Moments after a District jury acquitted Robert Anderson last week of charges that he murdered his father and stabbed his brother, Anderson's attorneys told him he was a free man. But before Anderson could leave the courthouse, the prosecuting attorney made a startling request: Commit Anderson to a mental institution because he was mentally ill and a danger to the brother who testified against him.
The request, coming so soon after the acquittal, sparked protests from Anderson's lawyers who claimed the U.S. attorney's office was trying to "accomplish what the criminal proceedings had not."
Yesterday, after three days of hearings on a request described as unprecedented, D.C. Superior Court Judge Ricardo M. Urbina ordered continued commitment for Anderson at St. Elizabeths Hospital.
The judge said that although the decision was a "very, very close one," medical testimony had persuaded him that there was a "slight probability" that the 37-year-old District man was mentally ill and likely to be a danger to himself and others.
Anderson's lawyers did not comment on the ruling, but during the hearings they argued that disappointed prosecutors were attempting to retry their case through the civil commitment proceedings. Prosecutors countered that Anderson's paranoia was so great that he was more likely than not to attack those he believed had persecuted him.
"The government has in effect done what is done in the Soviet Union . . . ," said Anderson's lawyer Harry Fulton, chief of the Public Defender Service's mental health division. "It is using psychiatry to hold people it cannot otherwise hold."
Anderson had been examined at St. Elizabeths for nine months before trial. He had been found competent to stand trial but not to waive the insanity defense. If he had been convicted another trial would have been held to decide if he was not guilty because of insanity.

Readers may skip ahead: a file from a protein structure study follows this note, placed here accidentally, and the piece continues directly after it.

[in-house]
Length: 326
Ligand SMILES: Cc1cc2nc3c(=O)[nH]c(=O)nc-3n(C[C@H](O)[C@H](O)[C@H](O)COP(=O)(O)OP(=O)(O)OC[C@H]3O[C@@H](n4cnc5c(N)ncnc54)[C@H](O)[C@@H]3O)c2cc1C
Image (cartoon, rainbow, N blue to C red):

Although Urbina had warned the lawyers that he did not want a retrial of the murder case, testimony during the three days often centered on the 1983 homicide. At one point yesterday, prosecutor G. William Currier displayed the butcher knife that allegedly had been used to kill Anderson's father while the key government medical witness testified he "believed Anderson stabbed his brother and killed" his father.
The government's medical experts said Anderson's continued denial of his involvement in the crime and other assaults described by the family and police supported a diagnosis of mental illness.
But defense lawyer Fulton said that according to the government's argument, "If a person denies his guilt, as they are entitled to do under the law, that is mental illness."
Anderson told the judge yesterday, "I am not insane."
Jurors contacted after the verdict said they acquitted Anderson because the government's case rested on the testimony of "one brother against another" and they believed Anderson. The jury found discrepancies in the government's case, and its initial vote was 9 to 3 for acquittal, jurors said.
One juror said she found illogical the government's version of the crime, particularly details about how Anderson had fallen asleep after the crime and had carried a long butcher knife awkwardly in his pants without injuring himself. "Someone would have to be really insane . . . . It just didn't make sense," the juror said.